Gregg Mozgala - Learns to dance with the help of Tamar Rogoff
Type of Spiritual Experience
A description of the experience
New York Times
Learning His Body, Learning to Dance
By NEIL GENZLINGERNOV. 24, 2009
Gregg Mozgala, a 31-year-old actor with cerebral palsy, had 12 years of physical therapy while he was growing up. But in the last eight months, a determined choreographer with an unconventional résumé has done what all those therapists could not: She has dramatically changed the way Mr. Mozgala walks.
In the process, she has changed his view of himself and of his possibilities.
Mr. Mozgala and the choreographer, Tamar Rogoff, have been working since last winter on a dance piece called “Diagnosis of a Faun.” It is to have its premiere on Dec. 3 at La MaMa Annex in the East Village, but the more important work of art may be what Ms. Rogoff has done to transform Mr. Mozgala’s body.
“I have felt things that I felt were completely closed off to me for the last 30 years,” he said. “The amount of sensation that comes through the work has been totally unexpected and is really quite wonderful.”
Cerebral palsy, a neurological disorder in which the brain does not send the proper signals to the muscles, affects gait and other movements. Those with severe cases use wheelchairs.
Mr. Mozgala’s condition is less severe but disruptive enough to have caused him to walk for most of his life like “a human velociraptor,” as he put it: up on his toes, lower extremities turned in, seesawing from side to side to maintain balance.
“My knees were going in, my hips were totally rotated inward,” Mr. Mozgala said. “Gravity was just taking me down. So my upper body — arms and chest — overcompensated, curling back and up.”
That is how he looked when Ms. Rogoff saw him in March 2008 playing the male lead in a production of “Romeo and Juliet” by Theater Breaking Through Barriers, a group whose shows mix actors with disabilities and those without. Ms. Rogoff has often worked outside normal dance parameters — with prison inmates, for instance — and knew immediately that she wanted to try to create a piece for Mr. Mozgala.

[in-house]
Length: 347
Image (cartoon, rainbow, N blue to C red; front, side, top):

“I didn’t know what I was going to do for him,” she said, “but I just knew he was inspiring to me.”
Originally, she envisioned a simple study, maybe 10 minutes long. Mr. Mozgala’s expectations when he agreed to the project were equally narrow: he said that he thought that she would either merely create a dance that made use of the physical abilities he already had or, after seeing his limitations, tell him, “Thanks but no thanks.”
Once they began working together, though, Ms. Rogoff realized that a broader approach was needed.
“Every time he tried to move in a way that wasn’t specific to his habitual pattern, he would fall down or just not know how to address it,” she said, “because he had a certain amount of patterning linked to his C.P., and I was asking him to step out of these patterns. I realized I couldn’t ask him to do that unless I supported it with a lot of body knowledge.”
The choreographer Tamar Rogoff doing “body work” with Gregg Mozgala, who has cerebral palsy and for whom she has created a dance piece. Credit Andrea Mohin/The New York Times
She introduced Mr. Mozgala to a tension-releasing shaking technique, and it was immediately revelatory.
“My body just really took to it,” Mr. Mozgala said. “I did that for about 20 or 30 minutes, and when I stood up, I was walking completely differently. My feet were flat on the ground.”
They knew they were onto something. They began doing intensive one-on-one sessions they call body work, Ms. Rogoff using her knowledge of the body and dance-training techniques to help Mr. Mozgala “find” individual bones, muscles and tendons that he had had no command of before.
They started at the top and worked down — sternum, sacrum, knees — with Mr. Mozgala’s body and brain opening paths of communication that had not existed.
“There’s a lot of howling, screaming, crying, sweating,” Ms. Rogoff said. But “we often have these huge eureka moments.”